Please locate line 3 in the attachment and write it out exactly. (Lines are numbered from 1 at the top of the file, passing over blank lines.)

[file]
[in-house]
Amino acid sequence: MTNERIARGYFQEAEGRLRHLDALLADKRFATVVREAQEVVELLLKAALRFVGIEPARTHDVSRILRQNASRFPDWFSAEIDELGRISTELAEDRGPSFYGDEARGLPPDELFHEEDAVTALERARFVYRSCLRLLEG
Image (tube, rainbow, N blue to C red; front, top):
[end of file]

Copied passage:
Image (tube, rainbow, N blue to C red; front, top):